While we might be able to predict production from Cano and Corey Hart in Seattle, what will the team get from Justin Smoak? What happens if Smoak doesn’t hit early in the season? Can he drive in the runs they desperately need from the middle of the order?
Can Wil Myers be the All Star player many people predict? If he produces from the middle of the order, life will be much simpler for the offense hungry Rays. Their pitching will be solid, but Myers has to help the offense score runs to win.
New additions Choo and Fielder really make the offense in Texas even more dangerous. But will Jurickson Profar be healthy enough to play 150 games and help people forget the loss of Ian Kinsler. Can he be an everyday player of impact at age 20? He’s key.
What type of production will the Blue Jays get from Jose Bautista? is he the fence buster of old? Can he set the tone for Edwin Encarnacion and Colby Rasmus type hitters? Will Bautista stay healthy all year? Is he an All Star, game changing, impact player?
Of course, every team has more than one key player. But those are mine as we head into the American League season. Questions surround the keys. We get answers soon.
As always, thank you for following me @BerniePleskoff on twitter, and for reading my work at MLBPipeline.com. And thanks for listening to Short Hops with @DerikVanriper on iTunes. It’s free.
That’s it. I’m done.
Spring Training camps are open and baseball is in the air in both Arizona and Florida.
Prior to the beginning of spring games, I thought I would share share my thoughts on the player I think will be key for each club in the coming season.
Today I look at the National League.
While all eyes will be on Mark Trumbo and Paul Goldschmidt, I really think the most important player for the Diamondbacks will be Miguel Montero. Can he rebound from a very difficult 2012? Can he provide protection and drive in runs? Will he be a force at the plate?
For me, a solid Evan Gattis behind the plate would be extremely helpful in moving the Braves beyond Brian McCann and into a new era. Will he hit consistently? If so, the team can allow Christian Bethancourt more development time.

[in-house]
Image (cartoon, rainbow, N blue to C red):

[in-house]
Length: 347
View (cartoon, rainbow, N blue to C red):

Starlin Castro is a crucial component of the Cubs until Javier Baez is ready to take on a full time role. At that point, the team will have a decision to make. Maybe one of them changes positions. Until then, Castro can really help if he hits and plays with energy.
Can Billy Hamilton get on base and be a catalyst for the Reds? If he can, think of the stolen bases and runs he will produce. If he can’t get on base, his role could change dramatically. Bunting more will help. Seeing more pitches will help. He can fly.
For me, a healthy Justin Morneau will mean a great deal to the Rockies. If they can get good production from him, it will provide even more offense that will likely be needed in the hitter-friendly Coors Field. Those pitchers need all the runs they can get.
A return to health for Matt Kemp can make the entire season for the Dodgers. Along with the other dynamic players in the lineup and on the mound, the team is poised to excel. But Kemp’s bat is important.
Christian Yelich setting the table and providing protection for Giancarlo Stanton will be really important to the Marlins. Stanton needs to see pitches to be effective. If Yelich gains the respect of pitchers with his own big bat, watch out!